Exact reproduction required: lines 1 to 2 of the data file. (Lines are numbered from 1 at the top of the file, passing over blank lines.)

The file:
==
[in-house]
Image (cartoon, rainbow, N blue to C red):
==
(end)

[in-house]
Image (cartoon, rainbow, N blue to C red):